The NPA, EPA and Fire Service must tighten their oversight of these oil and gas stations in terms of adherence to HSE guidelines so that avoidable accidents never happen or the probability of their occurrences is reduced to the barest minimum.
It is said that fire is a good servant, but a bad master. There is no denying the good services that fire provides mankind. However, the abuse or abnormal use of fire has very dire consequences, leading to loss of lives, property and others.
Elsewhere, there is respect and strict adherence to laid down procedures and guidelines concerning zoning of areas by the Town and Country Planning Department in consultation with statutory bodies whose functions are similar to those of our National Petroleum Authority (NPA), Environmental Protection Agency (EPA), Fire Service, Lands Commission, etc.
Further, at other jurisdictions, the city authorities over and above the collection of all manner of tolls and levies look at ways of decongesting cities and towns to make vehicular and human traffic flow very orderly. Of course, the bottom line is that we do not allow our statutory bodies to function independently, but often sacrifice them on the altar of political expediency and cronyism.
We seem to have lost our appreciation of aesthetics and have only become interested in putting up edifices and structures at no-go areas no matter the consequences. Indiscipline has become our cup of tea. Let me return to my topic.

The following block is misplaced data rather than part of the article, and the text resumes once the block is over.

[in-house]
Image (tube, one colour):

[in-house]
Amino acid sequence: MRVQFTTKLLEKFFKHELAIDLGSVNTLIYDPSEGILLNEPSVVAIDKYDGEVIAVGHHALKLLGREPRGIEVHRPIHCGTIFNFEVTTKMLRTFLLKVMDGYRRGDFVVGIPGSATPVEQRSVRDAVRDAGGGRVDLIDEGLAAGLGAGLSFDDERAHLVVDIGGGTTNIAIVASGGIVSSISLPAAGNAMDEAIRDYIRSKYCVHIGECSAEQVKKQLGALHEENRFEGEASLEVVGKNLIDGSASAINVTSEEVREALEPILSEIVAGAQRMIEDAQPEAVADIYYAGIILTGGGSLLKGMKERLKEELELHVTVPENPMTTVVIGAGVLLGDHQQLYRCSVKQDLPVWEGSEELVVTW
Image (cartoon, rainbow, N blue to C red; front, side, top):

What is a BLEVE?
What is a ‘Boiling Liquid Expanding Vapour Explosion (BLEVE)? The catastrophic failure of a vessel containing a superheated liquid such as propane, butane or LPG resulting from external fire pressure impinging on the walls of the vessel leads to a BLEVE. Due to the fire pressuring the vessel, the relief valve is forced to open, allowing the vapour under pressure to escape.
With the decrease in the liquid level in the vessel, the vessel above the liquid level is impinged by the flame. Subsequently, there is weakening of the vessel wall, resulting in tear, which causes disastrous failure of the vessel (Roberts, n.d.).
Why should we be concerned about the menace of a BLEVE? As a people, we seem to have thrown caution to the wind and are preoccupied with doing ‘anything’ that will bring in money. We have seen oil and gas filling stations springing up at places they are not supposed to, especially in residential areas. In some cases, these stations are virtually next to each other. Are there any rules governing the location of these stations and the minimum distance between stations in a given geographic area? Prior to the completion of a gas station, the poor residents complain about the virtual hazard literally being planted at their backyards, but their protestations do not go far. In some cases, the area is cordoned off by sky-high aluminium sheets with no signage displayed to show what is being done inside.
Lo and behold, the job is done hurriedly and the poor residents have no more say, till a disaster occurs! What happened to the maxim of NIMBY – not in my background? Are we not getting to a situation or are we already there, where the highly-connected and/or rich ride roughshod over everyone else, when it comes to having their way?